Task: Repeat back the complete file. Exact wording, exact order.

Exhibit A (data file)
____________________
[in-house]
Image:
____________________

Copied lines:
[in-house]
Image: